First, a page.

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“We want people to have the same home cooked meal that we’d have in our own house.”

There’s a small, indistinct white building – florescent orange window trimming, wooden picnic tables to one side and lavender benches out front – sandwiched between Highway 285 and West Hampden Avenue in Englewood. Chances are that if you’re in the area, you’re dropping off your car at one of the various body shops in the area, not looking for a bite to eat. But inside this family-owned business, you’ll find some of the most delicious Salvadoran food in Denver.

To be fair, I know the owners of Mile High Pupusas. I worked in the retail industry with Josh and Mirna Benavides years ago. But my bias card is in my back pocket on this one because their food is just that good. And it all starts with their homemade pupusas.

What’s a pupusa? Think gordita or arepa just without the mess of spilling ingredients falling to the plate with each frustrating bite. Just like the gordita and arepa, it is a stuffed corn-flour cake, only this round delight that’s grilled like a pancake holds on to its savory chicken, pork or cheese ingredients with effortless perfection. They’re also a staple food in most Salvadoran households dating back nearly 2,000 years to Central America’s exquisitely beautiful and smallest country, El Salvador.

“My mom showed me how to make them,” Mirna told me over the phone recently. “It took me a lot of time and effort to get it right and we’d spend hours of quality time working on it to make sure I got it right.”

For a recent pickup order at the restaurant, I went down a lengthy list of 14 options, struggling to pick which to try. I didn’t know whether to go traditional, smothered, hamburger or Hawaiian-style. In the end, I ordered like someone grocery shopping when hungry: two bean, mushroom and cheese, one spinach and cheese, one jalapeno, two regular bean and cheese, and two of their pork-bean-cheese combo called the “revuelta.”

“We follow my family’s recipe to an extent,” Mirna added, “but we now add a few more ingredients to make for a more flavorful pupusa.”

Josh and Mirna’s dream of owning a restaurant began back in 2018 out of necessity. Josh had broken his ankle and couldn’t work. At the same time, Mirna’s hours had also been cut to only two days a week. And, whatever money was coming in from Josh’s leave of absence wasn’t cutting it either.
“We needed extra money to help support our family,” Mirna said. “So, we started selling pupusas to family and friends from our garage on the weekends.”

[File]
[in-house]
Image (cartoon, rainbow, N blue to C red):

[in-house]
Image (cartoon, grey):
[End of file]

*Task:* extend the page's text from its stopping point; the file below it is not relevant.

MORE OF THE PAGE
“What started out as a side hustle to make ends meet, got bigger and bigger each weekend,” Josh added. “We had tables out front at first and then had to add a spot in the back yard for larger parties.”

“Our son Joshito told us that it was a sign from God,” Mirna said. “After a while, we had to find another location.”

After a few months of searching for the right place, they landed at their current location at 2504 W Hampden Avenue, opening Mile High Pupusas in December 2018. The couple’s retail jobs were soon behind them and they were on their own. They haven’t looked back since.

They’ve expanded their menu, too, in order to reflect a growing customer base and their love for providing fresh, made to order options like burritos, street tacos, tostadas and tamales.

What started out as a simple pupusa order for my wife and me, quickly escalated to a full-on feast of Asada fries, two smothered burritos generously filled with juicy chunks of chicken and carne asada, and a handful of chicken tamales to top things off.

Today, Josh and Mirna are doing what they can to get by. It’s a scary and uncertain time for small businesses and like many restaurant owners, they’re fighting the same uphill battle that many are facing in Denver and around the country. COVID-19 and a stay-at-home order have wreaked havoc on local businesses, especially those that rely on sit-in opportunities for patrons. Luckily for Mile High Pupusas, though, they’re faring better since they already depend heavily on in and out foot traffic for most of their orders.

“We are a small location with about 7 tables,” Mirna said. “So, for the most part, we are 95% take out already. But since the lockdown, sales have dropped off and affected our dinner rush since we’re used to a busy evening crowd.”

“We’ve definitely seen a dip in sales but we’re doing what we can to survive,” Josh said. “We’re obviously offering take out as usual and delivering through DoorDash and Grubhub, but we’ll also sign up with more delivery services like Postmates later this week.”

Those of us who live in Denver are fortunate to have a plethora of worldly cuisine options at our fingertips, and in times like these, we must rally behind the people making those dishes. They depend on the community, on people who have welcomed them with open arms while happily filling up on their food at the same time.

“That’s what drives us to deliver good authentic food,” Josh said. “It’s for the customer that comes to the restaurant two to three times a week. It makes us feel good to know that they choose to support our small business, so we put more love and fresher ingredients into our product. We want people to have the same home-cooked meal that we’d have in our own house.”

Order from Mile High Pupusas at DoorDash, Grubhub or by calling 303-927-6783.

Photos courtesy of Mile High Pupusas